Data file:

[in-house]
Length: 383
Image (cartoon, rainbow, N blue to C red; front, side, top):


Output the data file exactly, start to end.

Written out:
[in-house]
Length: 383
Image (cartoon, rainbow, N blue to C red; front, side, top):